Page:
During the Free Market Road Show 2015 in Warsaw, organized in cooperation with Civil Development Forum (FOR), we asked Mrs. Barbara Kolm, Director of the Austrian Economics Center which is responsible for organizing this extraordinary international conference tour, what all the fuss is about?
What is the Free Market Road Show?
It is a tour – this year through 30 countries and 35 cities – where we bring around, discuss and dispute with our audiences the questions how to create growth and how to foster entrepreneurship. The Road Show started eight years ago with just four cities and a bit more than a hundred people in the audience and a handful of speakers. And now, as it’s the eight year, we have also grown tremendously and we’re looking forward to embrace new groups. There are more than ninety partner groups with whom we organized this year’s tour. Local hosts are the key to success, because if they are unable to secure a nice location or to bring good audience then it doesn’t help if we bring the best speakers. So what we do in libertarianism is that we do not only preach the division of labour, we actually do it (laughs). And we embrace competition because there are cities which do better, some cities that are not performing as well, so we also measure that to see how things go.
So which cities were the most interesting this year? I’m trying to avoid saying the best.
They are all different from a different perspective. Some were great because we had a large number of people in the audience, some were great because we had the best questions from the audience, some were extremely successful because we had so many media reports and many TV stations that interviewed our speakers. And some were successful because we had the most local partners and entrepreneurs who supported local groups – because this is also very important. We believe in free market and we don’t rely on state subsidies so it’s highly important that our message is also related to entrepreneurs and businesses that help us kick this thing off.
Any interesting stories from the road?
Oh, yes! There are a couple. Being stuck on the airport, having flat tyres, rooms that were not ready or were kind of inhabitable, lost computers (which luckily turned up eventually). The latter can cause a real trauma, especially for our intellectuals (smiles).
But there are also funny things. After the conference we usually have dinner with our local friends, and we party and have drinks and the next day some people are really in a bad shape, have red eyes, as we usually take the red-eye flights to the next city. And this was also a mistake when we got stranded in Barcelona – four of our speakers, including me, were supposed to travel from Sevilla via Barcelona to Stockholm and we didn’t make it. We were actually hijacked for 3,5 hours on the plane, sitting in the middle of nowhere because the plane couldn’t land in Barcelona due to bad weather. So we were sitting the for 3,5 hours, and here goes our plane to Stockholm! Luckily, we had two other people (from the United States) on the ground so everything went well. Then we said, ‘let’s go to Copenhagen directly’ – because this was our next stop, but due to the bad weather a couple of flights were cancelled and delayed and we ended up at 11 o’clock at the airport before we took a hotel and then the next flight the next morning to finally go to Copenhagen. But you know, these are the things that are not pleasant but happen on a daily basis and we just have to deal with that. Visiting 35 cities in less than seven weeks can be tough.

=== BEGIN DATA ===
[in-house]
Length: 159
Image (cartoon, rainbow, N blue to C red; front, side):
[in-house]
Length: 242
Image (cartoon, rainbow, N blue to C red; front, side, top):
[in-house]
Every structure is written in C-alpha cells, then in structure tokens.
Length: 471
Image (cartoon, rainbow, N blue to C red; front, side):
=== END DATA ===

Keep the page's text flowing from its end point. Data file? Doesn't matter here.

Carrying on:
And how do you pick the topics and the speakers?
We pick the topics due to the current relevance. Then we look who from our big pool of great international speakers fits best. This is all a great logistic undertaking: how do we bring in people who fit best or local speakers who are great intellectuals, entrepreneurs or politicians? Not everyone can be on the same panel with another speakers. So this is a huge challenge for my team back home in Vienna. They literally work a whole year with our partners. We have briefing meetings and debriefing meetings with all the local organizers. Last year, for example, we had the first test – we brought the Road Show to the US and it went extremely well thanks to the assistance with our partner: Texas Tech University. So it’s an evolving project, it’s a challenging project. But we consider ourselves not only intellectual entrepreneurs but also real entrepreneurs, because otherwise all of this would not be possible.
So what Free Market Road Show hopes to achieve in the future? What is the best case scenario?
Well, the best case scenario is that in the future each and every student and each and every entrepreneur when hearing ‘Free Market Road Show’ will say ‘Oh, this is the Austrian School of Economics! Those are the people who are reasonable, who believe in reforms, in individual responsibility, in the achievement principle and competition!’. This is the message that we want to bring. We would also like to show that there are always alternatives to what current political elites tell us. That’s the goal.